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and cultivated. The upper or northern parts
are mostly in pasture. The Annan, which di-
vides it from Lochmaben, washes it on the west.
The Corrie and the Milk rivulets touch it in
the opposite quarter. The parish church is
now removed to Lockerby, a populous village,
which has arisen in the district. One of the
reasons for this step lay in the encroachments
which were continually made on the church-
yard by the waters of Dryfe. It is said that
this impetuous stream swept away the first
church and burying-ground of Dryfesdale, in
1670, and that their site is now a large sand
bed ; after this, in 1671, both were established
at a small distance, in a more secure spot, yet
even here the dead could get no rest in their
graves for the insatiable Dryfe. The water
gradually approached the new burying-ground,
carried a good deal of it away, and even threat-
ened the church itself, verifying an old say-
ing or prophecy attributed to Thomas the
Let spades and shools do what they may,
Dryfe will have IJry'sdale kirk away.
It was at length found advisable to abandon a
place which seemed to be under a sort of doom,
and to establish the place of worship at Lock-
erby, where the mass of the population resides.
—Population in 1821, 2231.
DRYMEN, a parish in the south-western
part of Stirlingshire, lying on the south-eastern
shore of Loch Lomond. It extends in an irre-
gular manner northward to Duchray Water,
which divides it from Aberfoyle, a distance of
upwards of fifteen miles, by a breadth of about
nine. In some places the country is rugged
and mountainous, in others flat and level, but
for the most part, it is an irregidar slope be-
tween the bigh moors and rivers, cut up by
a number of small but rapid streams. The
river Endrick runs into Loch Lomond below
the village of Drymen. — Population in 1821,
DUBBIESIDE, a small village on the
coast of the Firth of Forth, county of Fife, at
the mouth of the river Leven.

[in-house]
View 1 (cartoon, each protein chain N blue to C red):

DUCHAL WATER, a rivulet in Kil-
malcolm paiish, Renfrewshire, tributary to the
DUCHRAY, a river in the western and
Highland part of Stirlingshire. Its sources
are not far from those of the Forth, with which
it holds a parallel course at no great distance
to the south, and which it joins opposite Aber-
foyle. It is the most important tributary of
the Forth in this quarter.
DUDDINGSTON, a parishin the coun-
ty of Edinburgh, bounded by the parish of Ca-
nongate, a part of the metropolis, on the west,
South- Leith on the north, the sea and part of
Invereskon the east, and Liberton on the south.
It resembles a wedge in shape, extending to a
length of four miles, with the broad end towards
Arthur's Seat. The parish is chiefly on a gentle
slope, descending from the base of that hill to-
wards the Firth of Forth. Its character has
been entirely revolutionized within the last
half century. Formerly a great portion of it
was of a wild unproductive nature, covered
with tall thick furze or whins, at once a shel-
ter to rabbits and to robbers, the latter of
whom haunted the highways adjacent to Edin-
burgh on the east. Tradition says, that, at an
earlier period, when in the condition of a forest,
this place gave shelter to a more respectable set
of outlaws — namely, Sir William Wallace and
his bold companions, then projecting an attempt
upon Berwick. About the middle of last cen-
tury, this tract of country, called the Lands of
Figget, began to be cut up into farms and sub-
jected to improvement; yet it is not more than
five or six years since the last furzes were re-
moved from the sea- side, on the road to Leith
from the east. Now, the whole, by means of
cidtivation, irrigation, and enclosures, is among
the richest districts in Scotland- Prestonfield,
the seat of Sir Rob. K. Dick, Baronet, lies
a short way from the south base of Arthur's
Seat. However beautiful may now be the ap-
pearance of the environs of this country resi-
dence, such was not the case little more than
a century ago. At that time, a great part of
the flat grounds was a wild unproductive re-
gion, either sinking into morasses, or swelling
into infertile downs. A curious circumstance
brought this land under tillage. Its proprietor
was the Lord Provost of Edinburgh about the
period of the Revolution, at which time the
metropolis was the filthiest town in Europe.
The streets and lanes were perpetually in an
unclean condition ; and, what is remarkable, so
little was known of the value of manure in
agriculture, that the magistracy had to hire
men to carry off the debris of the thoroughfares,
which no one would purchase. Besides this
ignorance of the use of putrescent matter,
there were then no carts wherewith to remove
the rubbish of the streets in a convenient man-

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